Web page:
Call of the Void is similar to the previous pair, adding a random Demon to your hand. Warlock loves Demons, but Gul'dan has a hard time holding onto the good ones. When Kobolds and Catacombs and Knights of the Frozen Throne rotate out of the Standard format next year, the demon orc loses access to some of his biggest power hitters. It's hard to see Demons being as useful without Voidlord and Despicable Dreadlord bossing them around.

Donais said Demons will not be forgotten in future Hearthstone expansions. "We are going to keep having demons in the Warlock class," Donais promised. "You should expect a whole lot of really cool Demons moving forward."

Icicle is the most unique spell added in this lot, dealing two damage to a minion and drawing a card if it's Frozen. For the Mage Spell replacing Ice Block , the developers explored a few different freeze options, mainly tinkering around with the effects of Snap Freeze and Freezing Potion. "It's a pretty simple card that can kill a Knife Juggler, we didn't want it to be weak," Donais said.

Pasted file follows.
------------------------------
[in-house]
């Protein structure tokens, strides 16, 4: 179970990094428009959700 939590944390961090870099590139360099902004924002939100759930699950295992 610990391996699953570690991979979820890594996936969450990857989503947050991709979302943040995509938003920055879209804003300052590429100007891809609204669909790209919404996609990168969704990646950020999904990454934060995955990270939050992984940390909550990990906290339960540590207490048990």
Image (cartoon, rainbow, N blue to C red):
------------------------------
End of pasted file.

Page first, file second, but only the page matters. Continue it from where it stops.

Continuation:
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'Hearthstone’ Development Doesn’t Always Go As Planned Newsweek

The Freeze mechanic is among Hearthstone's strongest, which means the development team has to be very particular about which cards they give it to. "We like to not have reusable Freezes that you can't use turn after turn," Donais said.

The team also discusses multi-target freezes like Blizzard or Cone of Cold before implementing them into the card game. "They just slow the game down, it's not very fun when you play minions and spend tons of mana on them and they just spam Frost Nova," Donais said. "Then you're just sad and sitting there."

Simplicity and practically were key when curating this collection of cards, but the same rules don't always apply to Hearthstone expansions. Flashy cards with unique effects pull players in, with the whole goal to convince them to buy more card packs. The latest expansion, The Boomsday Project has cards that combine like Voltron, alter how the game is played or that even create brand new decks.